The news coverage of the school massacre has tended to depict the Amish as some sort of bizarre cult, utterly removed from the reality of 21st-century life, blankly hostile to change and to strangers. In fact, the Amish pick and choose what they want or need from modernity, while retaining a central core of beliefs. The community is the product of multiple schisms, and they have debated how much, or how little, of the modern world to allow into their lives ever since breaking away from the main Mennonite Church in 1693. Today a growing number of Amish have cars, televisions or toasters; but, crucially, they are not enslaved by them.I discuss the Amish every semester in my American government classes. We cover the 1972 case of Wisconsin v. Yoder, in which the Supreme Court ruled that the Amish practice of keeping kids out of compulsory public education after eighth grade was protected under the First Amendment. The academy award-winning motion picture, Witness, starring Harrison Ford, brought home Amish culture to million of theater-goers in 1985.
One does not have to share Amish beliefs to admire a community that has set its own standards of privacy, non-violence and forgiveness. With gun crime spiralling upwards in the US, the Amish have preserved something extraordinary amid the rolling cornfields: there are no guns in Amish country, no police and, until Charles Roberts arrived with his firearms and his madness, virtually no crime.
I am not suggesting that we all retreat from the world, remove our buttons and reject modern medicine, but rather that the Amish demonstrate something important — that it is possible, despite a globalising world culture, to create the life you want by accepting some aspects of modernity and rejecting others, to adhere to a set of unorthodox beliefs while remaining “of this world”.
We have come to expect a grim ritual whenever another American gunman strikes: the keening families, the life stories of the victims, the recriminations of the gun-controllers and the queasy self-justifications of the gun lobby. The Amish, by contrast, have taken their grief away to mourn in dignified privacy. They responded not with outrage and denunciation, but a stoical silence and, astonishingly, immediate, unquestioning forgiveness.
Theirs is an innocence calculatedly embraced. Machines are not seen as intrinsically evil, but as barriers between God and Man. Televisions offer images of violence and sex they do not want their children to see. When a horse is the fastest means of transport, you linger longer and get to know your neighbours better. The Amish did not learn of this week’s events through the screaming media, but by word of mouth.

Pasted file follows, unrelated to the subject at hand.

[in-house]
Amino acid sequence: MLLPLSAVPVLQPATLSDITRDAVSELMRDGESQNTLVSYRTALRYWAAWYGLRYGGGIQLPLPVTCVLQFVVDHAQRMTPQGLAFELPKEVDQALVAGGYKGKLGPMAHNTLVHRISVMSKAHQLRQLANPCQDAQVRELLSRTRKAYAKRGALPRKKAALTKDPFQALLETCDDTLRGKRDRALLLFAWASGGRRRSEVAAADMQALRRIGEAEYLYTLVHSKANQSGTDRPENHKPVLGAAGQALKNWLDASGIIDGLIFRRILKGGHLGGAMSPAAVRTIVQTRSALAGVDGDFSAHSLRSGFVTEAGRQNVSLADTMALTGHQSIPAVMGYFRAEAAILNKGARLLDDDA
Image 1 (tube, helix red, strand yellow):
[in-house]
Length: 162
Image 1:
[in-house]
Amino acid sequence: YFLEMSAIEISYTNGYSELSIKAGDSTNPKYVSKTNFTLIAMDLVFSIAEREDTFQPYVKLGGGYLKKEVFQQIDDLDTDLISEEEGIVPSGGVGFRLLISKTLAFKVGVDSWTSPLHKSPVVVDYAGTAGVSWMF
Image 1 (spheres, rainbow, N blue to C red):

The Amish belief system aims to preserve a peaceful, self-regulating agrarian society, but though their lives are simple, the philosophy that underpins them is sophisticated. Adolescent Amish boys are encouraged to visit the city — a custom known as “rumspringe” in Old German, literally “jumping around” — to sow their wild oats and understand the “English”, as outsiders are still known. Nine out of ten come back.
So far from dwindling away, an eccentric sect in a forgotten backwater, Amish life is booming. There are now some 200,000 in the US, a figure that has doubled in the past 20 years, with new communities springing up in other parts of the country. Much of this is the result of large families, but it is all due to the appeal of a unworldly life that keeps the bedlam of the modern world at bay.
This week’s school shooting showed America at its best and worst. The Amish first came to Pennsylvania in the 1730s, drawn by William Penn’s promise of protection from religious persecution, and prospered thanks to the American tradition of toleration. The right to be Amish is part of the American Constitution, but so, regrettably, is the right to bear arms.
I'm a little perplexed at the Amish reaction to the killings, though, and MacIntyre's commentary is a little nostalgic for the simpler days of old.
The Los Angeles Times' Wednesday editorial remarked that the Amish might need to think a bit more about balancing the old and the new:
Yet even before Monday's tragedy, it was clear that the Amish, too, must balance the pressures (and benefits) of modernity against the comforts (and drawbacks) of tradition. Many Amish have set up shared phone booths outside their homes in case of emergency. On Tuesday, there was talk that although Amish schools were unlikely to employ guards or locks, there might be cellphones on hand, just in case. We all make our concessions — to modernity or to tradition — when we must.